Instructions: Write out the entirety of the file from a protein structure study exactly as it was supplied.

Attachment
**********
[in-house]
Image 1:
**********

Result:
[in-house]
Image 1: